The debating chamber at The Senedd
The debating chamber at The Senedd Credit: Senedd Cymru / Welsh Parliament

MSs quizzed the first minister about how the Welsh Government will ensure people are warm and fed this winter.

Mark Drakeford said the budget this year and next is the “most difficult we have ever seen”, with ministers having £1.3bn less in purchasing power in 2023-24.

The first minister told a Senedd scrutiny committee that funding for warm hubs and a free school breakfasts pilot will not be extended.

He warned that budget pressures mean ministers are driven to reducing preventative services because “you need the money to deal with the here and now”.

Labour’s Jack Sargeant highlighted that residents in north Wales pay the highest energy standing charge rates in the UK, calling for the “unfair, arbitrary” fees to be scrapped.

He said: “Residents in my constituency in Alyn and Deeside pay more than Russian billionaires in the middle of London.”

Pointing out that north Wales is a huge net exporter of energy, Prof Drakeford said the Welsh Government will be submitting a formal response to Ofgem’s review of standing charges.

He said: “My own view is that standing charges should simply be removed for certain categories of customer. I don’t necessarily believe you can abolish them altogether.”

‘Scrape and save’

The first minister told committee members he has seldom seen people more angry than prepayment customers who “scrape and save” to feed their meter.

He warned: “Before a single ounce of energy comes their way, they are being charged for all those days when they couldn’t afford to feed the meter at all.”

Prof Drakeford argued the cost of removing standing charges should be absorbed from energy companies’ profits. He backed calls for a new social tariff for vulnerable people.

Russell George, for the Conservatives, asked whether the contract for the revamped Warm Homes programme has been agreed.

Prof Drakeford said the final touches are being put on the contract, which is worth up to £250m, as he stressed the importance of ensuring that procurement is watertight.

He accepted that the programme should have been in place by November, telling the committee it should be up and running by April 1.

He told the committee that funding for the Nest scheme, which provides energy advice, was increased last year and the budget will be protected this winter.

Fuel poverty

Asked by Mark Isherwood about warm hubs, Prof Drakeford said there is no plan to replicate last year’s £1m scheme which saw 700 hubs set up.

He told the Conservative that councils are continuing to invest in warm hubs, raising the example of a £500,000 scheme in Swansea.

On support for “off-grid” households offered by the Fuel Bank Foundation, Prof Drakeford recognised that take-up was slow at the outset but it has since accelerated.

Mr Isherwood questioned a lack of targets in ministers’ tackling fuel poverty plan.

Prof Drakeford said the Welsh Government has not turned its back on setting targets but “we’re not in a position yet where we think we are sensibly able to do so”.

He told members the Welsh Government is having to consider whether it continues providing funding for purposes that are not Welsh ministers’ responsibility.

He cited the example of £11m a year for the single advice service: “Other than debt advice, which is a fraction of it, all the rest of it is a responsibility that lies at Westminster.”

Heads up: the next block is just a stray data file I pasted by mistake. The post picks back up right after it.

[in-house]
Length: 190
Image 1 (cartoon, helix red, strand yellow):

‘Last resort’

On support for rising energy bills for swimming pools and leisure centres, Prof Drakeford said there will not be a specific stream of funding this winter.

Asked about the discretionary assistance fund, he said the scheme shows the Welsh Government’s commitment to helping the least well off.

He told MSs £38m has been allocated this year – an £18m uplift on last year – due to “enormous” pressures on the fund, which is the “welfare state of last resort”.

Labour’s John Griffiths raised concerns about rising rents and eviction rates.

Prof Drakeford pointed to reforms in the Renting Homes Act, which came into force in 2022, saying the minimum notice for “no-fault” evictions is now six months rather than two.

During the scrutiny session on Friday December 8, he argued it is a considerable step forward in security for renters.

The first minister added that landlords need to provide two months’ notice of rent increases rather than one and it can only be done once in 12 months.

Cost of living

Plaid Cymru’s Llyr Gruffydd pressed the first minister on his response to a report by the Wales expert group on the cost-of-living crisis.

Prof Drakeford said the Welsh Government has addressed four of the report’s five recommendations but he warned that ministers do not have funding to invest.

Pressed by John Griffiths about the expert group’s calls for targeted payments for low-income households, the first minister said ministers cannot meet the £28m cost.

“I don’t see any immediate prospect of us being able to do that,” he said.

Prof Drakeford said he hopes to publish a formal response to the report before Christmas.


Highlighting the equality committee’s report on unsustainable debt and the cost of living, Jenny Rathbone asked about work to ensure everybody has access to healthy food.

Prof Drakeford pointed out that a community food strategy is being developed.

He agreed about the importance of cooking skills but said: “What people who are poor need is money…. They have to manage every day – it’s not that they lack skills or commitment.”

Prof Drakeford pointed to the investment in providing universal free school meals in primary schools, with more than 20 million more meals already served.

He warned that there is little prospect of free school meals being extended to older pupils, saying a pilot of free school breakfasts for children in year seven will not be extended.